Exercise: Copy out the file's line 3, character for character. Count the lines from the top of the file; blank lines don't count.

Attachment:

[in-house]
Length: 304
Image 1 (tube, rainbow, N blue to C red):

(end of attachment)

Image 1 (tube, rainbow, N blue to C red):